Saturday, May 5, 2007

Futurist Thoughts on Mass Communication

Look at this blog. It's not very popular, most of the people who read it are people we know personally. But it wouldn't be very difficult to make it go "mainstream": all it woudl take is to re-name it with a few searchable keywords, strategically narrow our posts to something with a characterisable niche, and then comment on other people's blogs. Maybe add a bit of multi-media content to attract the ADHD crowds of the web world. Then the blog becomes a true form of mass media.
We live in a world where mass media in it's traditional forms is simply not sexy anymore. "Sexy" isn't a superficial qualification, by the way, not in our generation. Noel kept telling me about how looking good is so important, sometimes even more important than actually being good. I can't disregard that anymore, the evidence is overwhelming. However, in my mind, you can't cross the line of ethics. But I'm digressing from my point. Traditional forms of media are not sexy in that they are no longer streamlined and attractive to today's generation. Chuck Palanhiuk, author of Fight Club talked about our attitude towards television on a lecture on YouTube (spot the wit :) He said that we are so sick of reality shows, especially those damn house-switch decor things that seem to be on every channel. Two hundred channels on cable television and we can't find anything to watch, because the simple truth is that we've seen it all.
Aside: I'm liking "Heroes" because it's unpredictable and the characters the interesting and blended right. Who would anticipate String Theory, a guy who can paint the future, and... don't want to spoil it for those who haven't seen any of the episodes yet.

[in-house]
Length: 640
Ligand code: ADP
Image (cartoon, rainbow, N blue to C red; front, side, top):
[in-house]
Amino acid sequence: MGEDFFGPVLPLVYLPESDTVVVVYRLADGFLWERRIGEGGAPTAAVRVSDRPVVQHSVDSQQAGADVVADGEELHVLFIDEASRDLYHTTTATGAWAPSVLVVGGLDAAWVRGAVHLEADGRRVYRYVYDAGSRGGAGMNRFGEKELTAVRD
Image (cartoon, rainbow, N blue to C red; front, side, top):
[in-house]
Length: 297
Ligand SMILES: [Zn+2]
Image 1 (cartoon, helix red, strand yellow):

Communication, information, ideas. Entertainment, self-realization, education, socialization... the core processes by which the human mind develops are undergoing a rapid and fundamental change. I say I live in my head, don't we all? Because if you really think (hehe) about it, our perceptions are our realities. We live in worlds constructed in our minds. Those worlds come about through the information we imbibe as we develop. This idea is an unholy alliance of Kant and Dev Psych. Ain't it cool?
So what is so drastic in the difference between a kid who grew up watching television, radio and comics-- and a kid who grew up with Wikipedia, YouTube, Google, Friendster, YM and BitTorrent? The difference is in the fundamentals of communication.
The older paradigm is a one-way process, a single channel of some big institution (like the government or a media company) generating content and communicating it to a mass audience. The biggest restricition of this sort of communication is the peculiar way that information becomes dumber the wider you spread it. A television program can only be 30mins long, interjected by a mess of 10-30 second commercials. Another set-back is that you can't customise content. It's very capitalist, all these companies screaming at you trying to get your attention to look at them. But you can only get whatever they give you.
The new paradigm changes this. I can search online for content that I want; if it's not there, I can generate it myself. Think TIME magazine's person of the year for 2006: YOU. It's about the individual. It's not about plugging a faceless audience to a profit-driven company; it's about connecting one individual to another. Everyone has their own space, their own personality. Just look at those Friendster profiles. When you deal with people online, it's not a mass; its a friend network. When people comment on YouTube, you see their faces, you know their tags. It's a different society, and suddenly, information is liberated and placed at the fingertips of the users.
If you want a glimpse into society, human organization and politics of the future, I suggest you look at the blogsphere. This collection of online geeks are the future.
So there.

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